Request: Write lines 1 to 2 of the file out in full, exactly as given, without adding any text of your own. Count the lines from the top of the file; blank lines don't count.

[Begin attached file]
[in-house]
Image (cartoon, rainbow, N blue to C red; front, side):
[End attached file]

[in-house]
Image (cartoon, rainbow, N blue to C red; front, side):